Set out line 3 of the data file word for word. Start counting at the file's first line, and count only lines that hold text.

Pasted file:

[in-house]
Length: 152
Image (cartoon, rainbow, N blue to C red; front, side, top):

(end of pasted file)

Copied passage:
Image (cartoon, rainbow, N blue to C red; front, side, top):